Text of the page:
Energy drinks are the coffee of the younger generations. Their ties to the sports, gaming, and partying worlds make them well suited for teens and young adults to buy them by the millions… or billions. Currently, energy drinks are responsible for over $50 billion in global sales each year, and they show no sign of slowing down – due in large part to targeted marketing efforts.
A recent report in the Journal of Nutrition Education and Behavior has found that digital marketing of energy drinks is more persuasive with young adults than other marketing methods. “Because Internet usage among this age group is so prevalent, digital marketing of unhealthy food and beverages may have a greater effect,” explains lead author Limin Buchanan, a PhD candidate in the School of Health and Society at the University of Wollongong in Australia.
In this study, researchers recruited 359 young adults from the New South Wales region. This group was mainly comprised of middle-class students who worked part-time. More than half of the group had consumed energy drinks. They were all asked to take a survey about their exposure to and engagement with energy drink marketing, as well as their attitudes towards energy drinks and frequency of consuming said drinks.
The results showed that energy drink users reported greater exposure to and engagement with digital marketing than non-users. Exposure alone wasn’t linked to energy drink usage, but engagement was. Engagement included clicking on a social media ad or playing an online game. Individuals who engaged more with the digital marketing also had an increased attitude of normalcy towards energy drinks, and were more likely to use energy drinks when pressured by their peers.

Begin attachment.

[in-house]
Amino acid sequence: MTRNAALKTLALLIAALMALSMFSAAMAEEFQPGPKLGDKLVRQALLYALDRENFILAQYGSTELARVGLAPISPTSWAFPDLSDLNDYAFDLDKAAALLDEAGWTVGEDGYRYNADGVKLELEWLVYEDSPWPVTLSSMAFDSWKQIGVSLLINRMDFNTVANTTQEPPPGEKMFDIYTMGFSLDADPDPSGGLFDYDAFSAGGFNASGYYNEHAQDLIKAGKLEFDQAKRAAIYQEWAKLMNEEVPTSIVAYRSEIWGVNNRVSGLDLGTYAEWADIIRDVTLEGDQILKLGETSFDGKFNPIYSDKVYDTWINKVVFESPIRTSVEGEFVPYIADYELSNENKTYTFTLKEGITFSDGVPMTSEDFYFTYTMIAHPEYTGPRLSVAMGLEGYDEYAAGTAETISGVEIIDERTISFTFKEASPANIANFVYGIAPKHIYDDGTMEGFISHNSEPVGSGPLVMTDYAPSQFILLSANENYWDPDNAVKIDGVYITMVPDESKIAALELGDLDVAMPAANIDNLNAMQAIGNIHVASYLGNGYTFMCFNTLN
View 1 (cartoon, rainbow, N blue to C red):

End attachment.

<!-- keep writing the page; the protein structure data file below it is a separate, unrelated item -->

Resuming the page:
Although energy drinks aren’t as inherently dangerous as other substances young adults may be consuming, there are some health concerns. “Consumption of energy drinks is a public health concern in children and young adults because they may cause dental problems, cardiovascular and neurological issues, and in rare cases, death,” says Buchanan.
Luckily, the study also showed that the impact of digital marketing engagement was mediated by individual’s attitudes against energy drink usage and its normalcy. This shows that educating young adults about the health issues associated with these drinks may reduce the effects of marketing.
“Public health professionals have advocated for stronger regulations on marketing unhealthy foods to children through traditional media,” says Buchanan. “This advocacy could be expanded to include restrictions on digital marketing to young adults based on current research. Future nutrition education interventions may focus on strategies to lessen the appeal of energy drinks, denormalize energy drink use, and strengthen young adults’ ability to reject this drink option when with peers.”